TORONTO — The Annex Shul’s new spiritual leader, Yacov Fruchter, said he hopes to offer his congregants a “custom-made Jewish experience.”
The Annex Shul’s new spiritual leader, Yacov Fruchter, hopes he can reinvent the inclusive, non-denominational synagogue. [Jon Cohen photo]
“Tons of young Jewish people are looking for new experiences. They are looking to connect more Jewishly, and we need to find the right language and the right way to connect with them,” said 28-year-old Fruchter, who recently left his post as United Israel Appeal’s director of emerging campuses for Hillel Canada to pursue his passion with the Annex Shul.
Inspired by Montreal’s Ghetto Shul – a grassroots synagogue in the McGill Ghetto neighbourhood heavily populated by students and young professionals – the Annex Shul was founded in 2006 by Bram Belzberg and his friend, Richard Meloff.
The idea was to provide Toronto’s young Jewish community with an intimate, inclusive space to connect with their Jewish roots on their own terms.
Some 4-1/2 years later, the shul attracts hundreds of young Jews to its Carlebach-style services, holiday parties, Shabbatons and lectures.
“We’re trying to create a space that is really beyond denominations and beyond people’s backgrounds. We want it to be accessible to everyone,” Fruchter said.
He added that his title as a spiritual leader rather than a rabbi “is a luxury… because it means that we’re not tied down to any one denomination. We consider ourselves a non-denominational shul where our focus is to give people the opportunity to own their own Jewish experience.
“One thing that’s unique about the Annex Shul is that… we’re not trying to get people to go from a specific point A to point B in terms of Jewish growth. We’re obviously trying to take them to a point B, but we’re not telling them what point B is.”
He said he enjoys the fact that Orthodox, Conservative and Reform Jews feel comfortable to come together at the Annex Shul to eat, pray and celebrate.
“I think that is pretty rare in this city.”
Earlier this month, the shul, which runs out of the Wolfond Centre for Jewish Campus Life at the University of Toronto, threw a weekend-long event titled the Milestone Weekend to celebrate Fruchter’s new role and a successful membership drive that led to about 70 people officially joining the congregation.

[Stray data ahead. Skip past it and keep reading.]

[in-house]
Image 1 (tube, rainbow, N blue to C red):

“We wanted to honour our founding members and to let whoever wants to know about us in the community to have an opportunity to come see what it is what we’re doing,” Fruchter said.
Refusing to rest on the shul’s laurels, Fruchter, who has worked part-time for the congregation since 2009 leading services and classes, said he hopes to take the Annex Shul to “a higher level.
“We’re trying to reinvent the organization both as a shul and as a community of young professionals. It requires lots of conversations with our community, lots of planning sessions, but also lots of time to teach meaningful classes,” he said.
Fruchter said that while the Annex shul still largely represents single Jews and newly married couples, he wants to better accommodate young families who are looking for a community that will provide fun, meaningful and entertaining programming for their young kids.
“Recently, we’ve been having Shabbat services and dinners once a month that are specifically geared toward young families,” Fruchter said.
“The parents are loving it, because it’s Friday night and the kids are singing and dancing around… and the parents get to have a shot of scotch while they’re playing with their kids on a Friday night in a community setting.”
The shul’s tagline, “Come as you are, make it yours,” resonates with Fruchter, but it took him a long time to be able to fully embrace that philosophy.
He said that as a child growing up in Montreal, he was very involved in the Jewish community.
“From the age of nine, I was reading from the Torah and leading different parts of the service, and later in my life I ran a shul in an old age home in Montreal for about three years… I went to a Jewish day school my whole life, and I also spent time in Israel learning in a yeshiva,” he said.
“I grew up in a modern Orthodox home, and it was warm and loving, but there was a switch that I needed to go through to get to the point where I realized that the structures that we’ve placed in our community can divide us. We have to be able to see beyond them.”
Fruchter hopes that his influence as the shul’s spiritual leader will help others see beyond the differences within the denominations.
“We can be a role model for what the Jewish community can look like, being able to reach out beyond the lines that separate us and to create a warm space in this community,” he said.
“There is a lot of warmth in the Toronto Jewish community, and we’re happy to be a part of that.”